Instead of forming a clear specialist doctrine, equipment and teams for such missions, Betzer and Netanyahu created an ad hoc force, hand picking rescue teams based primarily on whether they knew and trusted the soldier’s fighting abilities. They did a good job in this (they selected the redoubtable Sergeant Major Ofer), but it would have been better had the men trained together on designated teams for just such missions. In such a circumstance, Betzer, the operational deputy commander, would not have led the first rescue team. Rather that team would likely have been led by an experienced senior NCO, specifically trained for the job.
Almost all the Israeli commandos carried AK-47s because they are reliable and the soldiers liked them. But AK-47s are generally unsuited to the hostage rescue mission. The German BGS and British SAS, around this same period, chose the MP-5 sub-machinegun as their standard close quarter weapon (as would many international forces.) Sub-machineguns have reduced recoil and flash, are accurate and handy in small enclosed spaces, fire ammunition that is less likely to create collateral damage to hostages, and are easily suppressed. Sayeret Matkal had easy access to Israel’s own excellent sub-machinegun (the Uzi) and had sufficient resources to have bought MP-5s if they desired. In the event few Uzis were carried by the Israelis, and even then often reluctantly.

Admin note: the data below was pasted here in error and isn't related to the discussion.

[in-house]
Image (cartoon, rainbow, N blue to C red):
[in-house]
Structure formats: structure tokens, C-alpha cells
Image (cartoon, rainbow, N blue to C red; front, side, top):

And perhaps because they lacked doctrinaire training, the commandos forgot to use their loudspeakers until after Betzer mistakenly shot a hostage, prematurely opened fire on the Ugandan guard, and became disordered in the final charge.
In the few years immediately after Entebbe, both the German BGS and the British SAS (at Mogadishu and the Iranian Embassy in London) unveiled the equipment and techniques which have since become relatively standard to the hostage rescue mission. Of course, the Germans or British didn’t face the strategic and tactical difficulties that confronted the Israelis at Entebbe—by far the more difficult and complex mission. And neither the BGS nor SAS (at least in this period) were as operationally active in so many other areas as Sayeret Matkal. Still, had the Israelis managed to standardize and rationalize the rescue mission in like fashion, Entebbe might not have been such a close call.